NEW YORK—For a joyous family holiday treat, one would be hard-pressed to find something more satisfying than the classic tale of The Nutcracker. Composed by Peter Ilyich Tchaikovsky and first presented in 1892, it’s a story of love, loyalty, danger, and wonderment—all told through the medium of dance.
The gorgeous production is presented by the Gelsey Kirkland Ballet at New York City’s Schimmel Center at Pace University.
Marie (Dawn Gierling) and Fritz (Satoki Habuchi), two young children in a small town in Germany, are enjoying a Christmas gathering at their home, filled to the brim with their extended family of grandparents, cousins, uncles, nephews, nieces, in-laws, and the like.
The adults happily chat while the children enjoy their presents: dolls for the girls and toy soldiers for the boys. In the midst of the festivities, Marie’s godfather and the village toymaker, Drosselmeyer (Marko Micov), arrives and presents a gigantic clock to the family, one complete with three life-size figures. He also gives Marie a hand-carved nutcracker.
Fritz, however, jealous of her present, tries to take it away from her and in the process breaks the Nutcracker’s arm. Drosselmeyer saves the day by wrapping the broken limb in a sling. The Nutcracker is left to guard the Christmas tree that night after the party breaks up and the family goes to bed.
Later than night, Marie goes to check on the Nutcracker and is astonished to see a number of gigantic mice entering the house. The rodents, under the command of the Mouse King (Alexander Mays), threaten Marie and all in her home.
Suddenly, the now life-sized Nutcracker (Johnny Almeida in the performance I witnessed) comes to life, his broken arm miraculously healed, and moves to defend Marie. Quickly realizing the situation, he summons the previously seen toy soldiers from their slumber in the cabinet where they had been placed hours before. The soldiers, now also human size, quickly join the fray, aided by the numerous dolls that arrive to help.
In the end, the Mouse King is killed and his minions routed, but at the cost of the Nutcracker’s life. Yet even as Marie mourns the loss of her protector, the love she feels for him is able to transform the now still figure into a quite handsome human prince. Marie follows the Prince back to his kingdom and eventually arrives at his palace where, at a majestic grand ball, she is crowned his queen.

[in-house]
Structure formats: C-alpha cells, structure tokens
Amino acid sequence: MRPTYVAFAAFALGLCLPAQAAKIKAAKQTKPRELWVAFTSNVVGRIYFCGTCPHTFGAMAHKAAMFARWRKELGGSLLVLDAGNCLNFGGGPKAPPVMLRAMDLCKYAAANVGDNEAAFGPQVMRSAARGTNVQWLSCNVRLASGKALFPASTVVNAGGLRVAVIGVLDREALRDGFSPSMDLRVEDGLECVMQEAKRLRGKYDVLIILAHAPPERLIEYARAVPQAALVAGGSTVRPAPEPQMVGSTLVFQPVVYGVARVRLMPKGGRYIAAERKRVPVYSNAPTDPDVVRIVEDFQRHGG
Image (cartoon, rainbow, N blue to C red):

The most remarkable aspect of this wonderful tale is that the entire story—from the wonderfully choreographed battle scenes to sequences with living snowflakes—is told without a single word being spoken. Indeed, none are needed.
For even if one doesn’t know the story in advance or simply chooses not to read the program notes, they can easily pick up the flow of the narrative as events unfold before their eyes. Everything from the different attitudes of the characters presented to the overall story arc becomes quickly understandable.
One of the most fascinating constants is that every sequence literally looks like it could be part of a sweeping tableau. Or, to put it more seasonally, every moment on stage could easily be part of a department store holiday window display.
Each scene is filled with so much action and nuance it feels like one is watching a wonderfully well-oiled machine. All of it takes the audience into a wonderful world of fantasy. Whether the movements of the characters are deliberately jerky, such as the scene when the toys come to life, or beautifully fluid, as when a group of dancing angels gives Marie the key to the Prince’s kingdom, all come across as perfectly arranged and choreographed.
Great work by choreographer/director Michael Chernov in making it all come wonderfully to life. The story and dancing are powered by the absolutely stirring Tchaikovsky score.
Almeida works wonderfully as the Prince, making him a commanding figure, dancing solemnly and evenly throughout. Gierling is absolutely wonderful as Marie, going from a quiet and shy girl to a beautifully poised and confident young woman, all the while never losing her sense of wonderment as to what is happening.
Micov is good as the somewhat mysterious Drosselmeyer, who may know more than he’s telling concerning what’s about to happen. Also a standout is Charles Klepner as a scene-stealing bugle boy, and also one of the smallest kids at the Christmas party, valiantly trying to keep up with his older and taller relatives.
Chernov’s direction is sure and sharp, keeping the entire piece flowing smoothly and also giving it a proper festive air. The sets are quite wonderful to behold, particularly Marie’s parents’ home, which calls to mind an old-fashioned Christmas card.
Lighting design by Jeff Davis works well, and the costumes are all simply wonderful to look at, from the all-white outfits of the snowflakes to the various colorful yet stern garments worn by the people at the Christmas party (costumes by Jennifer Wood-Bonnell, Lynda Mead, Susan Sandford, Jetty Maika, and Naomi Morin, with costume scenic and costume design adapted by Michael Chernov).
Beautiful from start to finish, The Nutcracker is a timeless treat, and one need look no further than this absolutely superlative production to see why this is so.
Schimmel Center at Pace University
3 Spruce St.
Tickets: 212-346-1715 or 866-811-4111
Running Time: 2 hours
Closes: Dec. 21
Judd Hollander is the New York correspondent for the London publication The Stage.